Should you check for weak keys?

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Nearly all symmetric encryption algorithms use unstructured keys, i.e., bit strings of a certain length. If we model an encryption algorithm as a function E
C = E(K, M)
Where C is ciphertext, M is the plaintext, and K is the key, then the way you generate K is simply to choose a random bit string of the appropriate length. The interesting thing is that some encryption algorithms have what are called "weak keys" which have special (bad) properties.

For example, DES has four weak keys, which have the property that encryption and decryption are symmetrical. Thus, if have a weak key K_w then

D(K_w, M) = E(K_w, M)

DES also has 6 pairs of semi-weak keys: pairs of keys K_w1 and K_w2 such that:

D(K_w1, M) = E(K_w2, M)

Back in the old days, it was widely believed that you should make an attempt not to use weak keys (i.e., you would check generated keys and reject them if they were weak) but it seems to me that recently opinion has turned towards ignoring the issue. Why?

First, it's not clear how bad choosing a weak key is for a real algorithm. In the case of DES, for example, the weak keys still encrypt the data, they just do it in such a way that if you ever encrypt it again with the same it decrypts it instead. This is a problem in theory, but in practice it's hard to imagine a common scenario in which this would happen, especially when you're using the algorithm in CBC mode. Remember that encrypting the same data twice in CTR mode always decrypts it, so if you want to build a secure system that's algorithm-agile you have to be careful about this anyway.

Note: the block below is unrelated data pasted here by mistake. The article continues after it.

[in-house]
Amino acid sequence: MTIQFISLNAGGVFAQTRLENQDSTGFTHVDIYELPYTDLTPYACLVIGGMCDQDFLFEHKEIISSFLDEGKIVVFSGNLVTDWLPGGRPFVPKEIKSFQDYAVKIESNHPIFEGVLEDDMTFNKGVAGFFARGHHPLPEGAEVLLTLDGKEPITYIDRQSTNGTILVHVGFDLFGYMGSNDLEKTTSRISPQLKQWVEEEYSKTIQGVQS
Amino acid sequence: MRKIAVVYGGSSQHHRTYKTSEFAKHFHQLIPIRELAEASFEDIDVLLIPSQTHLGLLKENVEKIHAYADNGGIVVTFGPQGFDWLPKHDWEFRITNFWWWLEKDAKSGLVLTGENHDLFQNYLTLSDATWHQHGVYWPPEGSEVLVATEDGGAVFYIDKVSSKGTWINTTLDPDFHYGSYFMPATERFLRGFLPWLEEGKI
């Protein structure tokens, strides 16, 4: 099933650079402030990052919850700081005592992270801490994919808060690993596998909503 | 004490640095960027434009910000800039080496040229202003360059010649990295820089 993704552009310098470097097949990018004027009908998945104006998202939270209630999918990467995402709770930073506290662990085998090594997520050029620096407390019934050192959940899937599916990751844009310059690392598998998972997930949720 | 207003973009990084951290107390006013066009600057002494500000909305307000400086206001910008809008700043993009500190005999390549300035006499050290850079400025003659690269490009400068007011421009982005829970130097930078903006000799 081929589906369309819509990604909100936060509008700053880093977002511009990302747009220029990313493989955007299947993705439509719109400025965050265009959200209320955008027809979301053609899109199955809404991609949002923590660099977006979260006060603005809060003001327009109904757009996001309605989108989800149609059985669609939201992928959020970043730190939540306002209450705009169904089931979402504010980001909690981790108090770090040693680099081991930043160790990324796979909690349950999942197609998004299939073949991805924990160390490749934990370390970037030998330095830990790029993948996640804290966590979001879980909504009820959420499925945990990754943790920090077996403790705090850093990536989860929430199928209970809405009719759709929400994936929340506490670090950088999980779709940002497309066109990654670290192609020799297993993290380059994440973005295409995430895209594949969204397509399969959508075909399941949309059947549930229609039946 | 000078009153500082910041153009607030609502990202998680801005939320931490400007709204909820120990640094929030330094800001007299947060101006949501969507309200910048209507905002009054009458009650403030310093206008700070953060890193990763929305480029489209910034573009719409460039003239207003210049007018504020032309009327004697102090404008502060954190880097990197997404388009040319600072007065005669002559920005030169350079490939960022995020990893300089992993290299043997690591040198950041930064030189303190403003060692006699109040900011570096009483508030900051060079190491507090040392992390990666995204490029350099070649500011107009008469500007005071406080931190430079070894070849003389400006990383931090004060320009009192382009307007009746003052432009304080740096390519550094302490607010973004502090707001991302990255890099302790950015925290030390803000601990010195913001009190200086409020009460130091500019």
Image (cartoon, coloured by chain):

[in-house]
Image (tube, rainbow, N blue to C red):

Second, the chance of randomly1 choosing a weak key in DES is very low. Even if you count semi-weak keys as weak, the chance of choosing one is about 1/252. What do you figure the chance that something will go wrong with your hardware or software and you'll fail to encrypt the data entirely is?

But let's ignore these issues and consider a case where weak keys were really weak, like they turn the encryption algorithm into the identity function. Now consider things from the perspective of an attacker. They're given some "ciphertext" X and want to try to decode it. To mount a brute force known plaintext attack, we do:

  1. For each potential key K_i
  2. Compute M'=D(K_i,X)
  3. If M' looks like a plausible message then exit.
  4. else try the next key.

If the cost to do a decryption is d, the cost to see if a message is plausible is p, and there are k key, then the average running time of this algorithm is kdp/2.

Now, if there are w weak keys, then the attacker does a somewhat different algorithm:

  1. Check to see if the message is plausible as-is.
  2. For each potential key K_i
  3. Compute M'=D(K_i,X)
  4. If M' looks like a plausible message then exit.
  5. else try the next key.